Finally, in the United States we link health care to employment. Let that sink in as you think about the FSU policy. If you have kids and are not wealthy then we'll take away your ability to be insured in the midst of a dangerous pandemic that often requires hospital care, even among the young/healthy.

It is a hard problem and it needs an even more serious grappling.

Wednesday, July 8, 2020

Maybe I should just start calling them Wednesday tweets

Start with this exhaustive thread.

Tuesday, July 7, 2020

Another newly relevant old post

Wednesday, September 29, 2010

The heroin's still doing the heavy lifting -- why Ivy League legacies work

From Christopher Shea's Boston Globe column:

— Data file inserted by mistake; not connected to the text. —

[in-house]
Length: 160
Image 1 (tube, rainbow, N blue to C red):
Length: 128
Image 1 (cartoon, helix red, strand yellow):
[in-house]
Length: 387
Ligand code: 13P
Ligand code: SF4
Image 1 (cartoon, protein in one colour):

Richard D. Kahlenberg, editor of the forthcoming book "Affirmative Action for the Rich: Legacy Preferences in College Admissions," points out that universities in other countries don't give so-called legacy preferences to sons and daughters of their alumni. (Even Oxbridge colleges don't, despite the class-bound history of British education.) So, he asks, why on earth do we do it in America?
Broadly speaking, students go to college in search of four things: certification; instruction; reputation; and connections.

In terms of certification, any well-accredited school would do. In terms of undergraduate instruction, the best deal for the money (and perhaps the best deal period) is the small four-year school. (I'm leaving this as an assertion but I'm fairly confident I can argue the point if anyone wants to debate.)

In the next two categories, however, the Ivy League cannot be surpassed, in part because of the legacy system.